Private vehicles live longer on the roads of Greece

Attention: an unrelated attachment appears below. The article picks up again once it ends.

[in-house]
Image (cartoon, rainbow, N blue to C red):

Greece’s fleet of private cars is aging, with an average age exceeding 11 years, as compared with the European Union average of 6.3 years. This is despite the huge increase in sales in recent years, totaling 1.5 trillion drachmas. The main reason is that old cars are withdrawn from circulation very slowly. A recent study by the Foundation for Economic and Industrial Research (IOBE) reveals that for every 200 new cars entering circulation only one is withdrawn. In the rest of the European Union, by contrast, for every 100 new cars introduced, 64 are withdrawn or sold in eastern Europe. In northern European countries the ratio is even higher, at 10 to 8. In 2000, 57.2 percent of cars in Greece (about 1,800,000) had an age of 10 years or less, while 17.1 percent (548,700) were older than 20 years. The environmental effects of the high age of cars are considerable, as 40.7 percent (1,300,000) have no catalytic converters and emit 20 percent more atmospheric pollutants. The problem is more serious in Athens which is home to more than half of private cars in Greece. The 1,700,000 cars on the roads of the capital have an average age of 11.6. Of these, 42 percent (726,000) are of conventional technology and 310,000 of them are older than 20 years. The cars older than 15 years, which represent 31 percent of the total, account for 52 percent of carbon monoxide emissions and for 40 percent of nitrogen oxides. It is claimed that among other factors, the application of a restricted inner ring around the city center which cars can only enter on alternate days has contributed to this situation. Meanwhile, the government has committed itself to reducing atmospheric pollution by 25 percent by 2004, the year of the Olympic Games. The impressive growth of car sales in the last six years has been helped by the deregulation of consumer credit. Greece now has a total of 4.3 million vehicles of all types on its roads, compared to just 1.2 million in 1980. Vehicle sales in 2000 are estimated to have approached 1.5 trillion drachmas, up approximately 21 percent from 1999. However, initial market indications this year are not favorable. Sales of private cars and taxis in the first four months fell 8.1 percent and, according to the projections of the Foundation for Economic and Industrial Research (IOBE), growth rates will recede to levels lower than those of 2000, on a par with average annual sales of 250,000. Falling sales may partly be explained in terms of the higher average in recent years, when prices came down considerably. Despite taxation on cars being the second heaviest in the European Union after Denmark, car prices in Greece have become increasingly accessible in recent years and are now ranked lower than in nine other EU countries for cars up to 1,600 cc. The IOBE study stresses that this feature is unlikely to change in the near future, but in the longer term the tax burden on bigger cars should be lightened. The entry of new enterprises in the car dealership sector is not considered likely, given that almost all car makers are already represented in Greece and the big dealers have established nationwide sale networks. However, the number of direct representatives in Greece of car makers is projected to increase in the near future as a result of legislative changes being promoted by the EU for distribution networks. Such directly represented groups through wholly-owned subsidiaries already include Mercedes Benz, Toyota and Fiat. A significant field of competition between dealers is the quality of services during and after sale, which aims to cultivate a permanent relationship with the client. Dealers are now implementing modernization plans for installations at ever speedier rates, with a view to making after-sales-service the focal point of their businesses.

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